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How to Launch a Remote Business the Right Way


Believe it or not, having a remote business can do wonders for your company morale and bottom line. And if you plan on launching a company—especially one that’s service-based, like a graphic design company—there are many benefits to having an exclusively remote team. If you already have a company or don’t feel too comfortable being 100% remote, then you can also have a remote work program that offers employs some remote work instead.


Here are a benefits you should consider:

  • Many companies save money by offering remote work programs. For example, IBM was able to save $100 million after just one year of allowing employees to work remotely.
  • According to a State of Workplace Productivity Report, 65% of full-time employees surveyed believed remote work allows them to be more productive.
  • As a remote business owner, you have access to a wider pool of applicants, as many job seekers are looking for perks that align with a millennial lifestyle


Preparing and building your remote program the right way. By following these tips, you can ensure your remote business is off to a great start:


Train Your Team

When you have a remote team, you need to be sure that every is on the same page, all the time. Each time you bring a staff member on board, they need to be able to understand how to use your project management software, how to navigate your time-tracking platform, how to use the customer service portal, etc. Over time, you may find it easier to streamline this process by creating detailed training videos; this way, you can cut time down from time-consuming 1:1 training, as well as make it easy for your future employees to refer back to it as often as they’d like.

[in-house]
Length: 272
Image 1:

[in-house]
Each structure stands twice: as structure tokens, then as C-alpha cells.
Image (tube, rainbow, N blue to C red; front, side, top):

Set Program Rules

Your remote employees should have a written set of rules that document what you expect out of them. For example, you might remind them that during work hours they should always be online. They should also be well-versed (possibly by watching training videos) on your project management platform of choice. For example, you might prefer to use Basecamp to keep track of projects, or you might prefer the card-based style of Trello. Whatever the case may be, make sure your rules are clearly defined and that all employees understand their expectations.


Track Employee Time Properly

As a remote business, your time clock is very important. After all, this is how your employees will be paid, and a reliable time clock ensures that no employees are wasting your time and money. It can also better help you, as a business owner, better understand where your resources are going. For example, you might discover that your marketing newsletter is taking up more time than you thought. This is where you would be able to step back and ask yourself what needs to be done to streamline your marketing email, or to help your employee better understand the creation process.


Invest in Perks & Culture

Of course, remote work itself is a perk. However, remote workers don’t enjoy the same perks as traditional employees. For example, an office-based startup might make it easy for employees to have happy hour events, game nights, or trips to a local baseball game. Remote business owners need to go out of their way to make their employees feel just as involved and valued. In addition to the essentials like a competitive healthcare package, pay special attention to your company culture. After all, culture is what makes your company, and it’s important to cultivate a good culture.


Plenty of remote companies—like the aforementioned Basecamp—are able to successfully achieve this. For starters, try getting your team together for an annual retreat. A work retreat is not only a great perk via a vacation-meets-work setup, but gives your remote employees the chance to put faces to names and develop a more human connection with one another. You can also invest in perks that help make remote work easier—like access to shared working spaces and coworking memberships like Croissant.


Don’t Forget About Team-Building

Just because your team works around the world—and even possibly on different time zones—doesn’t mean team-building isn’t necessary. In fact, it’s probably even more important. With video conferencing, this is easier than ever. Set up fun exercises where employees can get to know one another outside of work.


For example, in this list of team building exercises for remote employees, one suggestion is to set up a “get to know me” conference where employees each present different facts about themselves. Another suggestion is for each team member to go to their favorite coffee shop, and host a meeting from there. This gives staff the opportunity to take a peek into the others’ world.


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